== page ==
The Wildcat is the 1921 German film directed by Ernst Lubitsch. Lt. Alexis is sent to a border fortress as punishment. He is robbed by a group of bandits, whose leader, Rischka, falls in love with him. However, the commander’s daughter, Lilli, also falls in love with him. Despite his failure to stop the bandits, Alexis wins her and in marriage. He also ends up falling in love with Rischka too, but has to arrest her. Claudis, her father, decides to marry her off to one of his men. Can Rischka and Alexis find happiness together?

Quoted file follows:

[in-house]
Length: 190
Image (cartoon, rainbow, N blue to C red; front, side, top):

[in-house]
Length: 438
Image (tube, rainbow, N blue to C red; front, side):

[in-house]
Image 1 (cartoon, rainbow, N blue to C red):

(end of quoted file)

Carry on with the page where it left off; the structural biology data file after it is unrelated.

While not the most original film, Lubitsch is a good director, so he is able to make the satire entertaining. The most amusing part of the movie is the implication that Lt. Alexis is being shipped out because he is such a gigolo. In fact, all of his girlfriends and children he fathered come to wish him a happy journey. The film is divided into four acts, although it’s really not necessary. The acts one though four intertitles could have been cut and it wouldn’t affect the flow of the movie. While it does poke some fun at the German military, it more focuses on the romantic triangle between Alexi, Lilli, and Rischka. It’s a little unusual in that the movie lets us feel sorry for Rischka’s husband, as although he’s not the sharpest tool in the shed, he is genuinely heartbroken by the idea that his new wife would abandon him for someone else. Although the tears are exaggerated for comedic effect, it is a relief when Rischka returns and comforts him. A few viewers may be cynical about Alexis’ marriage, since it might not stop him from skirt chasing. Honolulu film fans should at least rent it.
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